However, O’Donnell warns changes to social media platforms algorithms have made it harder for new entrants to the fast fashion market to attract attention, particularly as the sector gets more competitive: “Nowadays, Facebook posts don’t get seen by anywhere near the same amount of people – when I started Fearlesss, if you posted something it would be seen by everyone who followed you. Social media has changed and even paid posts are not getting out to as many people as they used to. I started Fearlesss before a lot of people realised what you could do online, and it is getting a lot harder.”
A DIY approach also worked for Cheshire-based womenswear etailer Want That Trend. It was launched in 2015 and reached £7m in sales before the end of its first year. Victoria Molyneux started the business after she struggled to find flattering clothes after having children, and it now has more than 1.5 million Facebook fans and 80,000 Instagram followers. Rather than using professional models, Molyneux takes selfies wearing Want That Trend product.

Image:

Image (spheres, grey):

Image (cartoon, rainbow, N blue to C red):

“I’ve always taken product pictures myself since we started and it is part of our success – it helps us stand out in the market,” she says. “People recognise me in them because I’m not a size eight model and they can picture what it will really look like on them. You could have a photo of a gorgeous dress on a beautiful model in an expensive photoshoot but that often doesn’t feel very real.”
British shoppers’ seemingly unlimited appetite for fast fashion has also piqued the interest of international giants looking for a slice of the action. As Drapers revealed last month, Chineseheavyweight Urban Revivo will move into Westfield London in March 2018 and Polish retailer Reserved, which has 1,000 stores in its domestic market, is set to open on London’s Oxford Street in early September.
As the sector gets more and more crowded, quality and delivery will become bigger concerns for customers, Global Data’s Pearce warns: “To reach a certain level and compete with the larger players, new etailers have to have a good product offer but also a strong delivery proposition – quality is also going to become more of a concern for customers. They will need to have all the right elements to compete.”
If these up-and-coming brands tick all the essential boxes, the sector’s established players could feel the impact as the combination of smaller competitors and newcomers from overseas starts to bite.